The true cost of aircraft carrier HMS Queen Elizabeth
- 4 July 2014
- From the section UK
The Queen smashed a bottle of single malt whisky against the nation's new aircraft carrier as she officially named it HMS Queen Elizabeth. It was a key moment in the project to build two new carriers that has attracted criticism over its £6.2bn cost and its level of ambition.
Size of ship×
The Queen Elizabeth class aircraft carriers will be the largest warships ever constructed for the UK. With a displacement of 65,000 tonnes, they are three times the size of HMS Illustrious, the Navy’s remaining carrier. They are 280m long, about 70m wide, twice the width, and carry some 1,600 personnel, including air crew.
The carriers will be equipped with F-35B, short take-off and vertical landing joint-strike fighters. The coalition government announced in 2010 that it would buy the F-35C jets instead, because they had a longer range and had a bigger weapons payload, but the cost of fitting the carriers with the “cats and traps” launch and landing system proved prohibitively expensive and the government was forced to reverse its decision in 2012.
The ships are built in blocks or modules, with pieces being constructed around the country and sent to Rosyth in Fife. The LB04, pictured, is part of the ship’s hull. It was constructed in the Govan shipyard by BAE Systems and taken by barge to Rosyth. The construction of the second carrier, Prince of Wales, is also under way, but its future is uncertain.
The carriers are fitted with two propellers, with a diameter of seven metres. Each will output about 80MW of power, enough to run 1,000 family cars or 50 high speed trains. Two Rolls Royce MT30 gas turbines will provide about two-thirds of the ship’s power and the rest will come from four diesel engines. The MT30 is based on the engine which powers the Boeing 777 aircraft, and around 80% of the parts are the same.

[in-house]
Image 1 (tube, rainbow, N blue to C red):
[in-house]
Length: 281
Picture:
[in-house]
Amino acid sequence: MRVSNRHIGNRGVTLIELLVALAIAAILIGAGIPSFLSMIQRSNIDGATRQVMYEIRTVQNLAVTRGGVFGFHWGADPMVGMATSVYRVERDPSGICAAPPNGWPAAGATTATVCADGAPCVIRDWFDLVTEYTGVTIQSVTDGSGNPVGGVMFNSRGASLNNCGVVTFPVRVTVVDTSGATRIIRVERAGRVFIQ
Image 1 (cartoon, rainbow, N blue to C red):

The carriers are designed with two 'island' control towers, instead of a traditional single one The forward or front island will house the ship’s bridge, with flight control based in the aft or rear island. Nine decks extend below the main flight deck. The hangar deck is big enough to accommodate up to 20 fixed-wing aircraft and helicopters.
Even on a windy summer's day in Rosyth dockyard in Fife, HMS Queen Elizabeth is unmistakeable.
The 65,000-tonne aircraft carrier - the UK's biggest ever warship - looms over the shipyard where it was assembled and fitted out, dwarfing its predecessor HMS Illustrious, berthed alongside her for comparison.
The new carrier and its sister ship are a £6.2bn project first conceived in the 1998 defence review at a third of the cost.
The estimate by the time the contract was signed in 2007 was just over £3bn.
Along the way, there have been U-turns and doubters galore. But at the naming ceremony, five years after the first metal was cut, the focus will be not on the cost but what the ship means for the UK, and the nation's place in the world.
During the build, more than 10,000 people at shipyards and suppliers across the UK have been employed, and the pride felt by the workforce is tangible.
David Wassell is a painter, paint-sprayer and blaster from Newcastle, who has worked on many other ships, but never anything on this scale.
"It's amazing - it's something to be proud of," he said.
"It's the Queen Elizabeth, after all, and the build has all been amalgamated with the other yards and everyone's been working together. I think it's fantastic."
Although the carrier, with a flight deck, and another nine decks below, is much bigger than the Invincible class it replaces, the crew won't be - just 679 in total, similar to its predecessor. They will have a GPS system to help them find their way around.
"The ship is really impressive, and also very capable. Her highly mechanised weapon handling system is unique, and it allows us to operate the ship with a lean crew," Lieutenant Commander Harvie Montgomery said.
"It's a real privilege to be part of the first ship's company - I'll always be the ship's first training officer, and I'm really looking forward to the rest of my stint here."
'Strategic to tactical'
The glossy videos about the carrier that will be played at her naming ceremony also feature its sister ship the Prince of Wales, although it is not yet clear whether the government - in the next defence review - will find the money to run both carriers.